What most of us didn’t find out until the next morning was that Phil was a Vietnam vet who had post traumatic stress disorder. When we did find out about that from Kevin the night’s occurrences made more sense. He ended up staying up later than we did and joined 5 of us in the lean-to. Kevin, Michelle and Barley pitched a tent behind the lean-to. Phil was pretty loud when he wrapped his sleeping bag in a tarp. Not a big deal unless he moved around in his sleep, which he did. He also was a superlative snorer. Loud erratic snoring like you would do to make a joke. And to top it all off he talked in his sleep. Not low mumbling, yelling and swearing type stuff. Again the PTSD thing answered many questions the next day. None of us in the lean-to slept much and it was probably because we all had one eye open.
The morning brought more sunshine and we were all happy to make some breakfast and coffee before making our way out. The five miles out breezed by since much of it was rolling terrain. We did pass a number of beaver created ponds up on the mountain which was very serene. We didn’t see any beavers though. Our only wildlife were a few chipmunks and birds. We did see one woodpecker and heard a couple mp3 file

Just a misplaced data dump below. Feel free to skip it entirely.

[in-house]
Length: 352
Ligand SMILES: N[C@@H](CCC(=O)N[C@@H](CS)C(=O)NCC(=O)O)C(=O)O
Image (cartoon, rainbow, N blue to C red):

“>barred owls at night but didn’t see them.
The final segment of the trail was a moderate decent down some rocky slopes. The trekking poles that I purchased over the winter came in handy. Usually I get a little fatigue in my quads when going downhill but with the poles that was eliminated completely. Definitely a worthwhile purchase.
After getting to the cars we hoped to grab some lunch at a tavern/inn we passed on the way to the trailheads. We were all kind of in agreement that beers and burgers would hit the spot. The tavern turned out to be more of a bed and breakfast place that was trying to gouge customers on Mothers day. After sitting in the small tavern area we got the menus–keep in mind that it was around 12–they handed us dinner menus. For mothers day they were only serving dinner, at around $15 a plate. So I figured that since there was only one other group in the place and that we wanted seven burgers that they could make an exception for our burger request. I forwarded this question to our retirement age waitress who promptly alerted us that they weren’t “prepped for lunch”. I didn’t realize burgers took prepping besides thawed hamburg. We told her that we were going to go elsewhere for our lunch. Luckily we found an Irish pub a mile or two down the road that was exactly the type of place we were looking for. We ended up getting a couple pitchers and some tasty burgers to finish up our first trip of the year. Next one should be in 5-6 weeks.